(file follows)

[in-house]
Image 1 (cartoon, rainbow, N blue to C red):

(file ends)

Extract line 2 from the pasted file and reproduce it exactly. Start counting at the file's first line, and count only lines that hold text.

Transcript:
Image 1 (cartoon, rainbow, N blue to C red):